The Pakistani Taliban has wanted to overthrow the government and establish its own hard-line form of Islam across the country. Militant attacks have killed tens of thousands of Pakistanis.

New opportunity?

Government peace negotiators welcomed Saturday's declaration of a cease-fire as a “breakthrough development," and the announcement seems to have injected new life into efforts Sharif has undertaken to bring an end to years of militant violence in Pakistan.

A government delegation held preliminary talks with TTP intermediaries last month but continued militant attacks against security forces and civilians provoked Sharif to suspend the peace process. He linked its resumption to a declaration of unconditional cease-fire by the militants.

Former parliamentarian Sami ul-Haq, a Taliban peace negotiator, says the call for a cease-fire offers a new opportunity for both sides to re-engage in peace talks that could lead to an end to bloodshed in the country.

Both sides “need to avail this God-sent opportunity to build mutual confidence and create a conducive atmosphere for the peace dialogue,” he said.

However, critics of the peace process such as Ashraf Jahangir Qazi, former Pakistani ambassador to the U.S., are warning the government against engaging in talks with an anti-state group.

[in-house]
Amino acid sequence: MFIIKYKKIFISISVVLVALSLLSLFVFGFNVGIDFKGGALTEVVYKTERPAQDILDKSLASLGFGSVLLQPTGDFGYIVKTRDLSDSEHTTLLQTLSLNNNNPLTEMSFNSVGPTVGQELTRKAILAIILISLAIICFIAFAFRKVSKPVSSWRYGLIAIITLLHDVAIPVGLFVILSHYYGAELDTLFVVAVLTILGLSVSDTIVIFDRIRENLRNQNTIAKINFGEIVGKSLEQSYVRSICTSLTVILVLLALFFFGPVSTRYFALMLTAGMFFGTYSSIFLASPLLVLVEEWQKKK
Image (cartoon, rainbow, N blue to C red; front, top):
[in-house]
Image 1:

“The TTP represents an ideological group which has an idea which it wants to impose on the country by force through any means because it is so sacred, in their eyes, that they will resort to anything," said Qazi. [The government is] surrendering [its] fundamental obligation to protect the people by elevating this group to almost equal status ... and that of course sends extremely negative signals within the country and outside.”

The TTP is considered a loose alliance of dozens of militant groups with varying agendas and critics are unsure whether the organization can enforce the so-called cease-fire. Critics cited Saturday’s back-to-back explosions in the northwestern tribal district that targeted the polio vaccination team. The attacks killed more than a dozen people, mostly policemen escorting the anti-polio workers.

Islamist militants are blamed for deadly attacks on polio teams, alleging the campaign against the crippling disease is being used as a tool for spying and the vaccine makes boys sterile. The violence has undermined anti-polio efforts in Pakistan, one of the few remaining countries where the virus persists.

You May Like